POWER FOR ALL
Just as it was feared a universal supply of safe drinking water to the City’s residents would confer some sort of legitimacy on the Walled City as a whole, so it was with the installation of a safe and reliable electrical supply. The Government decided to supply water through a strictly limited number of standpipes, which while undoubtedly inconvenient was relatively safe. The same solution, however, would not work with electricity.
The danger of not providing electricity to those who needed or wanted it had been brought home to the Hong Kong Government following a huge fire at the Shek Kip Mei ‘squatter’ settlement (in reality refugees from China) on Christmas Day 1953, which left over 50,000 people homeless. Up until that time, electricity had not been supplied to such settlements, forcing their inhabitants to rely on Kerosene lamps and stoves for lighting and cooking. This could not be allowed to continue and over the next few years China Light and Power gradually installed a permanent supply to all Hong Kong residents, regardless of status and location – including the Walled City.
Even then, the supply to the Walled City remained far less than demand required. A Government memo of January 1964 noted that: “inside the Kowloon Walled City there were many unauthorised extensions of the Company’s electricity supply. The cables were very seriously overloaded. The fire risk was high; the Company’s emergency vehicle was out every night in the area patching up the system.”
Somewhat grudgingly China Light and Power was allowed greater access, but an increased supply only engendered greater demand, leaving the Company forever struggling to keep up. In fairness, this situation applied to Hong Kong as a whole during a decade of dramatic growth, but the situation was especially acute in the Walled City and it was only in the mid 1970s that the Company decided to initiate a complete overhaul of the City’s supply.
Mok Chung Yuk was one of the company’s engineers responsible and here below are his recollections of the situation when he started working in the City in 1977. Unsurprisingly, these are not always entirely accurate, particularly with regard overall policy, but they do provide an excellent description of the practical problems of installing and maintaining a relatively safe and reliable electrical service throughout the City at that time.
“Following a big fire in the City in 1977, everyone realised things had to change. We began drafting a plan to supply electricity throughout the City and the Government established guidelines as to which buildings were acceptable. The years 1977 to ’85 were years of drastic transformation. The local District Office began to collaborate with the Kai Fong, and Government involvement in the City also increased. Later, just before the Sino-British Agreement was signed, China told the British that they could exercise full authority over the City and things became much easier.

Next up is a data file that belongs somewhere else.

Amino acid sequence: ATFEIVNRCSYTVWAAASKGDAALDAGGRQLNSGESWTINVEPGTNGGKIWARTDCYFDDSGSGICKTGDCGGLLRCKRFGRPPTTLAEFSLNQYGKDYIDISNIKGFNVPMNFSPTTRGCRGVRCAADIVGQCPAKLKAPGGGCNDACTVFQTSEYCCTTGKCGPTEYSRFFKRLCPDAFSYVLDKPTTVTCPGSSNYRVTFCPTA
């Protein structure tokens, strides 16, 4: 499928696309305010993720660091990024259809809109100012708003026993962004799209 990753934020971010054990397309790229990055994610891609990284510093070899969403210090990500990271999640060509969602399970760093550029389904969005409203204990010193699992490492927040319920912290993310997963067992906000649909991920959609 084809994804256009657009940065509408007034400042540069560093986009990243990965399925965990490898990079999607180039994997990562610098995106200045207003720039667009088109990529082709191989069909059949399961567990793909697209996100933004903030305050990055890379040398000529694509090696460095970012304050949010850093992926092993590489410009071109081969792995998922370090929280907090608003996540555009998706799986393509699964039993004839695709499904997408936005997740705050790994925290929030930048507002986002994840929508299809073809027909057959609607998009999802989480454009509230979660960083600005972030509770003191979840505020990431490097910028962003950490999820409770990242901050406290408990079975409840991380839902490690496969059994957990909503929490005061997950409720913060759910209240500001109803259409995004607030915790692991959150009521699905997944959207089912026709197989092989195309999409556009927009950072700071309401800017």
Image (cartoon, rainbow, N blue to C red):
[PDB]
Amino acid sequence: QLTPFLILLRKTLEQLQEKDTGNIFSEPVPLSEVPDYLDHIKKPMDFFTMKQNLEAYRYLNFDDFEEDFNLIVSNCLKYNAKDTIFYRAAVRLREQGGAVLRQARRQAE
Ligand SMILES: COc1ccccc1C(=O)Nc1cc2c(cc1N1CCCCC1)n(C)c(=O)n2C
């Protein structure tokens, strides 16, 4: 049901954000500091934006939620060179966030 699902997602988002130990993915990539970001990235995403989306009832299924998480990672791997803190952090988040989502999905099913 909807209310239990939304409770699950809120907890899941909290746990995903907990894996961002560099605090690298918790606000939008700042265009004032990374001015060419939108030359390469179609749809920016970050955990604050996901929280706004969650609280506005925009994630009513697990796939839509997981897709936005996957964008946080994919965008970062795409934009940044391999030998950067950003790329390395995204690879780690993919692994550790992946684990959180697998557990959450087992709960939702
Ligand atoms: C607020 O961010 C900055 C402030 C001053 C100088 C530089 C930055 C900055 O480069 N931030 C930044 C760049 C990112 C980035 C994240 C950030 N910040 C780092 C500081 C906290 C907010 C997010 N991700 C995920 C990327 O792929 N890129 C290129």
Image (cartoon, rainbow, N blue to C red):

I was one of those doing the groundwork for the new electricity supply – I carried out the very first surveys. In fact, I remember well the first time I went in – edging in a short way then turning back! It seemed very frightening at the time. We all dressed down at first, and we were careful not to enter looking like an official team. Only when we were familiar with the streets and alleys did we bring out our maps and plans. For the first few days, before we got talking to any of the locals, we just got used to the place.
We had two big worries in those early months. First, we had no idea what we would find and, second, when we found out how bad it was, we had no idea how to cope with the chaos. We quickly saw the difficulties: the narrow alleys, the filth, the rubbish, the character of the people living and working there. A few of my colleagues were robbed, possibly by drug addicts; they would even take $30. We were never really hassled by thugs though, since so many Government departments were involved in the project, including the police. And so was the Kai Fong, of course. Also, the majority of residents saw the need for electricity, so nothing unruly took place.